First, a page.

In honor of Halloween, here’s a look at eight destinations around the world for those who are passionate about witchcraft and the occult.
The fascination that the occult and the dark arts hold for many of us is undeniable. Some people dismiss anything connected with witchcraft as mere superstition, but on Halloween, even the most skeptical won’t say no to dressing up in a costume, sipping a pumpkin spice latte and watching a movie about witches. Whether you’re a practitioner of the dark arts or not, we wish you a frighteningly fun Halloween, and we have a gift for you: a list of places where witchcraft and esotericism play (or have played) a prominent role.
1. Salem, Massachusetts
This charming and typical Massachusetts village went down in history because of the witch hunts that took place in 1692, during which 20 people were imprisoned and executed. Salem is well known in pop culture thanks to quite a few movies, including the true classic, Hocus Pocus, in which Bette Midler gives a magical performance.
2. Triora, Liguria
This village is often called “the Italian Salem”. Perched on the hills of the Argentina Valley, its eerie narrow streets are its defining trait. From 1587 to 1589, a number of local women were accused of causing continuous plagues, killing livestock and even cannibalism. Today, you can come here and relive this piece of history thanks to the local festivals (such as Strigora, the feast of the witches, which takes place right after August 15), the museums devoted to witchcraft and the souvenir shops selling talismans and tarot cards.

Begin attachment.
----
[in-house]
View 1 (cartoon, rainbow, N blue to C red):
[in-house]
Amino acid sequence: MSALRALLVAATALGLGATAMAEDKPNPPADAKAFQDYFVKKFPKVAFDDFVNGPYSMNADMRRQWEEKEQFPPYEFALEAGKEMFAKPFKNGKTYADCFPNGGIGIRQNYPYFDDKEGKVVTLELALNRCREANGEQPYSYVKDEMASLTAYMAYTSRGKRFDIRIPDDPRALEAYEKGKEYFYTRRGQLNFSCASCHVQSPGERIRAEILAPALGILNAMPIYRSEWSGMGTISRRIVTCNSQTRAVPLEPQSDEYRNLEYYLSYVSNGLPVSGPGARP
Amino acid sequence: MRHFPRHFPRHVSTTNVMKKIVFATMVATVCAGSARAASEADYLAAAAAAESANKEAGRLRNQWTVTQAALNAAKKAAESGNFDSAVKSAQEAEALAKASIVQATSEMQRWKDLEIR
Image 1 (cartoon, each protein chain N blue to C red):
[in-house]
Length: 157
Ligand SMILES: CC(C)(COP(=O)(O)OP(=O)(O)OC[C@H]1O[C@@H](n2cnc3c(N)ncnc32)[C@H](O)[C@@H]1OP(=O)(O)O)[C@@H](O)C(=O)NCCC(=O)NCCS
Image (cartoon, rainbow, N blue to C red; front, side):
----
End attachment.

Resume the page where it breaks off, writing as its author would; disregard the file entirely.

3. Turin, Piedmont
Beautiful Turin, joined by Lyon and Prague, is one of the three cities on the “white magic axis” as well as one of the three on the “black magic axis”, along with London and San Francisco. If you take a night tour of Turin, one of the world’s most esoteric cities, you will experience the intrigue firsthand. During the day, the Piemontese capital is beautiful and elegant while at night, the crowds empty out of the squares, replaced by ghostly apparitions. Silhouettes of devils appear at the windows and the fountains become mystical gateways for those who want to follow the call of the Freemasons and surpass superficial knowledge to reach true reality.
4. Holmavik, Iceland
In Iceland’s Holmavik, pagan culture and Christianity coexisted until at least 1000 AD, giving rise to rituals and beliefs that mixed spells with Christian symbols. The Museum of Magic and Witchcraft in Strandagaldur houses artifacts that include reproductions of talismans, instruments for practicing magic, magical pieces of wood that can help you summon the dead or make someone fall in love with you, transcripts of the most important Icelandic spells and a wealth of documentation on the witch trials.
5. Togoville, Togo